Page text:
The remarkable resilience and creativity of artists with a disability was illuminated during an inspiring lecture by Rice alumna Catherine Branch Lewis ‘08 at Fondren Library Nov. 13. Lewis, a flutist who has cerebral palsy, is the founder of the Music of Difference project, a concert series with the goal of encouraging positive conversations about disability and diversity.
In her lecture, Lewis said there are different ways of approaching performance, visual and written art and disability, defined by some as “disability arts.” There is art by people with disability – for example, Stevie Wonder, who has been blind since birth, or violinist Itzhak Perlman, who contracted polio as a child. There are also issues of people with a disability’s access to the arts, and there is art based on the disability experience.
Lewis underscored her concern with a particular definition that appears to take an angry stance: “art that springs from the oppression of disabled people.” She said this definition is “a downer. It makes you feel like you’ve done something wrong and that this art is the result of an injustice.”
Lewis said she appreciates this definition: “Disability arts celebrates humanity. Impairments do not disqualify us from them (the arts). The human condition is multifaceted, and disability arts is a celebration of that difference.”
Lewis said sometimes anger is merited to make change happen; however, disability arts is “not its own thing off in a corner. Intersectionality is important,” she said. “We have to allow ourselves to let this conversation resonate with diversity – disability as diversity. Replace the term with ‘race,’ with ‘culture,’ with ‘religious affiliation’ … and think about that. We don’t want to put this conversation in the corner and segregate ourselves.”
Lewis pointed to solutions to overcoming self-segregation and fostering inclusion — for example, universal design, a design process that addresses the needs of people with disabilities. “We can make adjustments to make people feel included,” she said. “It takes some extra work, but it is possible. That’s universal design: thinking ahead, saying, ‘Who do we want to invite into this space, and how do we do it to the best of our ability?’”
Another solution involves thinking about access in artists’ tools, Lewis said. “Over the course of my life as a musician, I’ve discovered that instruments really truly can be adapted. People are building keyboards that are accommodating folks with different hands so they can play the music they want to play. Not so hard, right? It just takes a little creativity.”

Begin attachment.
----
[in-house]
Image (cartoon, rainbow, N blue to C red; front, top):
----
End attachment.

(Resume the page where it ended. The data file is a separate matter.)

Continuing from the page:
A graduate of the Shepherd School of Music, Lewis currently serves as assistant director of the University of Rochester’s Center for Community Leadership and recently earned her Doctor of Music degree from the Eastman School of Music.
Upon graduating from Rice, Lewis was awarded a Thomas J. Watson Fellowship to research the role of art in social activism around the world. While abroad in Australia for the fellowship in 2009, she founded the Music of Difference project, which had its premiere that year at the Sydney Conservatorium of Music. The Watson year was “absolutely transformative and epic in my life,” Lewis said. Two Music of Difference albums have been released and the project has been presented at venues such as Harvard University and the VSA International Disability Arts Convention in Washington, D.C.
Vice Provost and University Librarian Sara Lowman introduced Lewis at the event held in Fondren’s Kyle Morrow Room. It was a fitting homecoming for Lewis, who had been a student worker at Fondren’s circulation desk during her time at Rice. “We love to see our student workers do well and come back and visit,” Lowman said. “(Catherine) holds a unique perspective on the assets that disability imparts.”
The lecture was sponsored by the Fondren Library Accessibility Committee, chaired by government information librarian Linda Spiro and Rice’s Disability Support Services.